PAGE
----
Submission to the OPC’s Consultation on Consent under PIPEDA (ESAC)

Entertainment Software Association of Canada

October 2016

Note: This submission was contributed by the author to the Office of the Privacy Commissioner of Canada’s Consultation on Consent under PIPEDA.

Disclaimer: The opinions expressed in this document are those of the author(s) and do not necessarily reflect those of the Office of the Privacy Commissioner of Canada.


Summary

In summary, ESAC members:

  • Do not support legislative amendments to PIPEDA at this time;
  • Believe that consent is still the most appropriate framework to protect individuals, and is in line with current international practice;
  • Support recommendations for a deeper and more explicit recognition in policy and legislation of implicit consent and of data analytics as a reasonable business use;
  • Encourage the OPC to develop voluntary best practices and guidance, developed in collaboration with industry, to help companies incorporate Privacy by Design practices into their businesses and industries;
  • Encourages industry sectors to adopt the practice of creating and integrating user friendly privacy settings and device controls, as appropriate and in cases where no such measures have been taken;
  • Supports the adoption and on-going best practice of refining and clarifying all privacy policies, whether corporate, government or otherwise;
  • Do not support the creation of regulated “No-Go Zones” or any other limitation that threatens to stifle innovation or individual access to products and services. 
  • Support the OPCs encouragement for companies to engage in voluntary de-identification agreements as described in the Paper and do not believe any additional restraints on companies’ abilities to process and store de-identified data sets are necessary or warranted at this time;
  • Believe that rather than develop a OPC or Canadian trust mark, it is more effective if the OPC works with industry sectors to create or adopt trust mark programs where standard trust mark in use, and these should work similarly to TrustE’s APEC and/or Privacy Shield certification programs which include industry benefits for adoption;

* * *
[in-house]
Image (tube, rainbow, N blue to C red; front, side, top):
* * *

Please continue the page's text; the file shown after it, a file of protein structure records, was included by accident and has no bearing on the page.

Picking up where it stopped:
• Support the OPC suggestion to work with industry to develop voluntary codes of conduct to help organizations demonstrate compliance;
  • Support Government co-ordination and collaborations to achieve international privacy norms that guide legislation across jurisdictions;
  • Do not believe the OPC should have any new and additional enforcement powers or oversight responsibilities, not least because the new powers granted under the DPA have not yet come into force and measured for their effectiveness;
  • Encourage companies and industries to be transparent about how personal information is used and to create privacy controls that users can manage on their own; and,
  • Strongly encourage the OPC to enhance its consumer education initiatives to provide Canadians with an objective toolkit, including objective, clear and easy to understand guidance on how to assess and manage individual privacy concerns.

Full submission:

Note: As this submission was provided by an entity not subject to the Official Languages Act, the full document is only available in the language provided.

To Whom It May Concern:

Thank you for providing stakeholders with the opportunity to consult and collaborate with the Office of the Privacy Commissioner of Canada (OPC) regarding the consent regime established under the Personal Information Protection and Electronic Documents Act (PIPEDA) and potential opportunities to modernize Canada’s privacy framework.

The Entertainment Software Association of Canada (ESAC) represents leading video game companies in Canada, from multi-national publishers and console makers, to local distributors and independent studios. Our industry in Canada employs more than 20,000 people in full-time positions, and contributes over $3 Billion to Canada’s GDP. Canadian video game publishers and developers are responsible for some of the world’s most successful video game titles and franchises, including Assassins Creed, Deus Ex, Mass Effect, FIFA and NHL. To put this into context, the video game industry is the fastest growing entertainment industry globally and Canada is recognized as leader in this space, with 90% of its revenues generated from non-domestic sales. As a matter of practice, as an export focused industry, our members are required to comply with the privacy laws of many international jurisdictions. Our industry takes these obligations seriously and takes rigorous steps to ensure that all personal information is protected and treated in a manner that complies with the current laws in each jurisdiction. To put it simply, privacy protections are a priority for our member companies.

ESAC members appreciate the opportunity to reply to the OPC’s Discussion Paper entitled “Consent and Privacy under the Personal Information Protection and Electronic Documents Act” (the Paper) and will do so by providing general feedback as well as specific replies to key questions raised in the paper.

Commentary & Reply

ESAC has historically participated in discussions regarding privacy law in Canada, including those which took place recently regarding the Digital Privacy Act (DPA). ESAC has been supportive of the changes made by the DPA, which included revisions to the definition of “consent” and the introduction on new powers for the Privacy Commissioner of Canada, and we are now working to ensure that accompanying Regulations preserve the balanced approach taken in Canadian privacy legislation. In light of these recent changes, many of which have yet to come into force, ESAC takes the general position that it is too soon to tell if the amendments have had any impact and effect that would justify re-opening the legislation at this time.